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Business

Philippines seen to book weaker BOP, lower GIR next year

Lawrence Agcaoili - The Philippine Star
Philippines seen to book weaker BOP, lower GIR next year
Dennis Lapid, officer-in-charge of the Department of Economic Research at the Bangko Sentral ng Pilipinas (BSP), said the Monetary Board has approved the revisions to the projected balance of payments (BOP) position for this year and next.
STAR / File

MANILA, Philippines — The Philippines is expected to post a weaker external payment position and lower foreign exchange buffer next year amid the push by government economic managers for the creation of a sovereign wealth fund.

In a virtual press briefing, Dennis Lapid, officer-in-charge of the Department of Economic Research at the Bangko Sentral ng Pilipinas (BSP), said the Monetary Board has approved the revisions to the projected balance of payments (BOP) position for this year and next.

For this year, Lapid said monetary authorities are now looking at a record high BOP deficit of $11.2 billion or 2.8 percent of gross domestic product instead of the original target of $8.4 billion or two percent of GDP.

The previous all-time high BOP deficit was recorded in 2014 at $2.9 billion or one percent of GDP.

From January to September, the BOP shortfall swelled to $7.8 billion from only $665 million in the same period last year. This came after the deficit reached $4.7 billion in the third quarter alone – a reversal of the $1.3-billion surplus registered in the same quarter last year.

For next year, Lapid said the BSP is looking at a wider BOP deficit of $5.4 billion or 1.3 percent of GDP instead of $2.5 billion or 0.6 percent of GDP.

“On the external front, the outlook remains heavily tilted toward the downside due to more subdued global growth prospects, persistent inflation pressures and with it monetary tightening by major central banks as well as emerging economies’ central banks, the Ukraine-Russia conflict which continues to drive global energy and food prices,” Lapid said.

The BSP official also cited the sustained pandemic supply chain disruptions, most prominently the lockdowns in China amid its COVID-zero policy that continues to create ripple effects on global supply chains.

The BOP is the difference in total values between payments into and out of the country over a period.

A deficit means that more  dollars flowed out to pay for the importation of more goods, services and capital than what came in from exports, remittances from overseas Filipino workers (OFWs), business process outsourcing (BPO) earnings and tourism receipts.

The BSP still expects a four percent growth in OFW remittances for both 2022 and 2023, but now expects lower inflows from foreign direct investments (FDI) as well as foreign portfolio investments or hot money.

Lapid said the central bank lowered its projected FDI inflow to $8.5 billion from the original target of $10.5 billion for this year and to $11 billion instead of $12.5 billion for next year.

Likewise, it expects a lower hot money inflow of $3.5 billion instead of $4.5 billion for 2022 and $5 billion instead of $6.7 billion for 2023.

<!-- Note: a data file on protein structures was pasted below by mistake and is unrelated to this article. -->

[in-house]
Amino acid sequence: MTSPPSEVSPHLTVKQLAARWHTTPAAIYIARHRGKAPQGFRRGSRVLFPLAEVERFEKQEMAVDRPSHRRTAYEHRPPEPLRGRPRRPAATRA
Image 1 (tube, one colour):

For the current account , the BSP sees a slightly lower but a record high shortfall of $20.5 billion or 5.1 percent of GDP instead of $20.6 billion or five percent of GDP for this year and $19.9 billion or 4.7 percent of GDP instead of $20.1 billion or 4.5 percent of GDP next year.

The current account consists of transactions in goods, services, primary income and secondary income. This account measures the net transfer of real resources between the domestic economy and the rest of the world. A deficit occurs when a country spends more on imports than it receives on exports.

Lapid said the Monetary Board is now looking at a smaller gross international reserve (GIR) level of $93 billion instead of $99 billion for this year and $93 billion instead of $100 billion for next year.

The reserves serve as the country’s foreign exchange buffer during external shocks as the amount is being used to defend the peso.

Latest data showed that the GIR level remained steady at $93.95 billion as of end- November from $94.03 billion in October. This is equivalent to 7.5-month’s worth of imports of goods and payments of services and primary income.

Meanwhile, the economic managers of the Marcos administration, including Finance Secretary Benjamin Diokno, Budget Secretary Amenah Pangandaman, Socioeconomic Planning Secretary Arsenio Balisacan, and BSP Governor Felipe Medalla issued a joint statement calling for the establishment of the Maharlika Wealth Fund.

The fund, according to them, would redound to growth and help achieve economic transformation toward inclusivity and sustainability.

“Given all these, we urge the immediate enactment of the bill creating the Maharlika Investments Corp. Let us not delay economic progress. Let us not deprive our people of this opportunity for prosperity,” the economic managers said.

Diokno is pushing for the possible inclusion of the country’s foreign exchange buffer as a possible source of fund since the contribution from both Government Service Insurance System and Social Security System are now voluntary and not mandatory.

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